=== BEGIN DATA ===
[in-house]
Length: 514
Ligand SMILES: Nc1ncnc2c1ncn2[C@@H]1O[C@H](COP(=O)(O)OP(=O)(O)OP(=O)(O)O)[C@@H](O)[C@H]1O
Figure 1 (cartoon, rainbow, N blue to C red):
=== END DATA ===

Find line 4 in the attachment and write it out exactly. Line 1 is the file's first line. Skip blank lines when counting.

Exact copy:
Figure 1 (cartoon, rainbow, N blue to C red):